Ba mhaith liom fáilte a chur roimh an Aire Stáit go dtí an Teach agus roimh coiste Sráid Uí Mhórdha agus muintir cheannairí Éirí Amach na Cásca 1916. It gives me great pleasure to give my strong support today to the conservation of this site. However, I am angry because this should have been done years ago and we should not be talking about it today. We have talked the talk. Let us now walk the walk and do the job. I support the call by Senator Ó Murchú for an early meeting with the relevant agencies. I know and accept times are difficult, but this project is so important that people are prepared, even in these hard times, to bring this project to fruition. I am confident they are prepared to put their hands in their pockets and not leave them there.

The leaders of the 1916 Rising showed great vision and courage.

They led the way. They knew they would not win in the short term, but they paved the way for others to follow. My late maternal uncle, Geoff McDermott, was one of those who fought for independence at the time. Members of this House, the Dáil and Dublin City Council and the entire population must come together with a common objective to bring the project to fruition.

As we approach the centenary of the founding of the State which was down to the great vision and courage of the people concerned, it is time we stopped talking and started walking. Let the commemorative committee and all of the agencies involved lead the way and put in place once and for all a monument by conserving the site and turning it into a tourist attraction. We would all justly be proud of such a project because the people it would commemorate gave their lives in order that we would have a tomorrow. We owe it to them. Many have left the country — emigration is part of our culture. I am a returned emigrant. There would be no better reason to come to Dublin than to visit the site, if it was suitably preserved in a way that could be agreed by all of the agencies concerned. Let us stop talking and do something about it because it is high time this was done. We can all find ways and means to procrastinate. There has been a policy of procrastination regarding the site. It is past time all of the agencies concerned should have got together to work on a monument of which we could all be proud. People would be prepared to make a positive contribution to the project and I am one of them. It is time we stopped talking.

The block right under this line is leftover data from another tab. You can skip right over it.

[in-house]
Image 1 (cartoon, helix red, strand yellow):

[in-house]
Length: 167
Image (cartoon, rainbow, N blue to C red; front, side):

I welcome the relatives of some of those who fought in 1916 and gave their lives for the country. Thomas Davis who was from Mallow would be proud today that a fellow Corkman was elected leader of Fianna Fáil. In his famous song, "A Nation Once Again", he wrote the line, "three hundred men and three men" to describe how the Greeks had taken on the Persians. As far as the British were concerned, Easter Monday 1916 was expected to be an ordinary day, but it turned into an extraordinary day in Irish history. The men and women concerned took on an empire which was bigger than the Roman Empire, controlled the lives of 25% of the world's population and had command of one quarter of the surface of the planet. They took on an army which, by the time the First World War had ended, comprised the Commonwealth nations and allies throughout the world, including South Africa. The empire could mobilise an army of 17 million. The odds against the men and women of 1916 were 11,000/1. On that ordinary day these extraordinary men and women dealt a fatal blow to an empire which was larger than the Roman empire. It marked the beginning of the end of British rule not only in Ireland but also throughout the world. It gave others belief that they too could attain freedom.

Last Friday, 21 January, was the anniversary of both the sitting of the First Dáil and the beginning of the War of Independence. I stated on the Order of Business that it was a sad reflection on the House that both events would go unmarked. That is why we are struggling to preserve the buildings on Moore Street and still wondering what we will do with the GPO which is still being operated as a post office. How is the headquarters of the 1916 Rising still a post office as we approach its centenary? Last week I stated it was a sad reflection on all parties in the House that that was the case. We have failed to commemorate the centenary of the beginning of the War of Independence. The French have Bastille Day, while the Americans celebrate Independence Day on 4 July, but we do not even commemorate what happened on Easter Monday 1916 properly.